We just finished two weeks volunteering with All Hands and Hearts in Yabucoa, Puerto Rico and it was an incredible experience. We met so many amazing people and helped make close to a dozen homes safer and more resilient to future threats from hurricanes. We even got to help clear away rubble for a new community garden! People often ask us what we have been doing since we arrived here, so let us walk you through a day in the life of an All Hands volunteer.
Structured Communal Living at the All Hands Base
Life at an All Hands base is generally rustic, structured, and communal. Volunteers are meant to assemble to their work teams at set times in the morning, break onsite or back at base for lunch, eat dinner at the scheduled time, and attend a nightly meeting. In Yabucoa, there is a curfew to be back on base by 7pm, since there is only spotty electricity which means the streets get really dark.
The regimented schedule can get a little tiring which is why a break off base is mandated for those who have been volunteering for 30 days. Quiet time is from 10:30pm-6:30am, but as with most communal living situations, unfortunately not everyone adheres to this. Same goes for the communal cleaning situation, but I’ve seen grimier hostels in my travels, so I’m not inclined to complain too much. Overall, base is rustic but comfortable. That doesn’t stop some volunteers from complaining about everything, but in a crowd of over 90 people, there will always be unnecessary complainers.
Did we mention it’s free to stay though? Indeed, while you are volunteering with All Hands, both your room and board is provided. You need only pay for your way to and from the base. I even heard a rumour that the organization is so in need of volunteers that it is paying for people’s flights from the USA (sadly this did not apply to us as Canadians), so now is as good a time as any to volunteer with All Hands in Puerto Rico!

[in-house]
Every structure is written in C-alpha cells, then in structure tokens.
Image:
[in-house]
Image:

Where in the world you volunteer also dictates how comfortable you’ll be. In Haiti for example, there was only a partial roof which meant air flow was nice, but you know, no roof. Meals were also rice and beans for both lunch and dinner with one slice of tomato being the ration for each volunteer. Ice was hard to come by, beer was often served lukewarm, and street food was limited to egg sandwiches or fried plantains. In Puerto Rico by contrast, we are spoiled with constant generator and solar panel-provided electricity, cold beer, a rotating food menu, fans all over, ice cream parties, Friday night dance offs, and a seemingly never ending supply of treats. As far as volunteering in a resource-constrained disaster zone goes, it’s actually pretty comfortable. It doesn’t hurt that Puerto Rico is stunning either and the views that we got from the rooftops we worked on were pretty incredible.
A Hard Day’s Work Volunteering
Work usually begins at around 8am and continues to 4:30pm with breaks. Teams and work are assembled the night before at the evening meeting. If you like a particular crew or team leader, you can certainly ask to be on a specific task or team, but often you are assigned to where you are needed the most. I had to skip mould removal for example because I have asthma, so Philip ended up having to spend his first day in a Tyvex suit, sweating buckets in the heat. I made it up when I was assigned to “ditch duty” and had to dig a trench for a French drain so the volunteer’s quarters would not flood.